No one can live without water, but many of us could do without high water bills. If you find that your water usage has mysteriously crept higher each billing period, you might want to check out your habits and see if there's any room for improvement. Many of us waste water without even realizing it; having access to cool, clean water every day makes running it become second nature, and if we're not as conscious with how much water we use, even everyday acts can cause our bills to skyrocket.
Explore these common ways you might be wasting water along with some money-saving solutions.
Showering Too Much for Too Long
Whether you like to kick your morning off with a hot shower or relax in one after a long day at work, you could be wasting liters upon liters of water. An eight-minute shower consumes approximately over 64.35 liters of water, which means a half-hour or a full 60 minutes could charge you far more than you care to spend.
Showering too frequently can also damage your skin, too. Experts recommend you thoroughly bathe once or twice a week. Eliminating daily showers will help you save money, improve your skin, strengthen your hair and increase your body's natural layer of good bacteria.
Half-Loaded Laundry Machines
Filling your washer halfway still uses a full load's worth of water. In fact, washing your clothes less frequently, and in greater amounts, will ensure that you conserve more water and money.
In order to cut back and save, you might want to upgrade to ENERGY STAR washers and dryers; these appliances use less energy and water than their regular competitors.
Additionally, washing on cold when possible will also help lower utility bills so that you can save two-in-one.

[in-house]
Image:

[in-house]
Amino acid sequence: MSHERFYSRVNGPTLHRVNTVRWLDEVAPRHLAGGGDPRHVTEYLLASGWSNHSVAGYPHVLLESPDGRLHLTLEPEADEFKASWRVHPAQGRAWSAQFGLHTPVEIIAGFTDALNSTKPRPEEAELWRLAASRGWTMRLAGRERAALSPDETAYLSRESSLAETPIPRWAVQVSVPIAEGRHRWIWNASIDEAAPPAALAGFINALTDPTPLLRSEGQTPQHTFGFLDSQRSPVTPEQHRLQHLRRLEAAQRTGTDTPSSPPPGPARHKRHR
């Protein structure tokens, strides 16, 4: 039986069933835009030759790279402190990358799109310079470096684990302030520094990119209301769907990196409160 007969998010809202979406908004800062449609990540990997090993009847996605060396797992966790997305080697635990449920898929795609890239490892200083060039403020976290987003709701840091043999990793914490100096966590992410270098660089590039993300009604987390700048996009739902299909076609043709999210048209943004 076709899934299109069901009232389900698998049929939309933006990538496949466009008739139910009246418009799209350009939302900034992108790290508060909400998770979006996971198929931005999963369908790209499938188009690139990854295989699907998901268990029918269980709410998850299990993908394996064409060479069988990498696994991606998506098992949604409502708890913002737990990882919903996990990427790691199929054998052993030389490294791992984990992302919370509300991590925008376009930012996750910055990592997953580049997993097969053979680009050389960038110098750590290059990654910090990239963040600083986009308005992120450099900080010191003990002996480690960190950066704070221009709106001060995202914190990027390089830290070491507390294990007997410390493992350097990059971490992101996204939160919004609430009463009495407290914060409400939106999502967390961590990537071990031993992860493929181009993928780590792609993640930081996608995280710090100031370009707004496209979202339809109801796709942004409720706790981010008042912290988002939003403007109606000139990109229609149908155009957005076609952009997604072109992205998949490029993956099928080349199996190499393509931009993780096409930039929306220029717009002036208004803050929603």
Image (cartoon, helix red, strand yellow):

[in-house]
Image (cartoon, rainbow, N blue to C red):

Washing Dishes With the Water Running
It's common in some households to wash dishes under a stream of hot water, but in others, the norm is to fill the sink or a small basin with soapy water beforehand. This may seem gross, but it's actually an effective way to save you time. Instead of scrubbing incessantly, let dishes soak in the suds for several minutes, then just rinse them off!
It would help if you also washed by hand when possible; dishwashers are a modern luxury, but they're too costly. A single cycle typically consumes 22.71 liters of water, while an ENERGY STAR appliance uses 15.14 liters. This may seem practical enough, but if you're running the dishwasher every day when it's not even full, you're wasting precious water for no reason.
Flushing Things you Shouldn’t
We all know children are prone to flushing foreign objects down the toilet, but plenty of adults use their toilet as a disposal as well. Toilets use the most water in your home; one flush uses approximately 18.93 liters to 26.50 liters of water. If you use your toilet as a stand-in trash can for feminine hygiene products or other waste material, you use unnecessary water and risk clogging your pipes.
Blockages can cause leaks, which may eventually lead to bursts if they aren't repaired.
It's possible that your plumbing could be secretly leaking water without you even knowing — and this happens more frequently than you think.
In order to check for a leak in your home, look for any puddles or droplets around the base of your toilet, faucets and pipe fittings. An excellent way to test for a leaky toilet is to place a drop of food dye in the bowl and wait 10 minutes. If any coloring is visible in 10 minutes, you have a leak. Be sure to flush after this test, though, so you can avoid staining.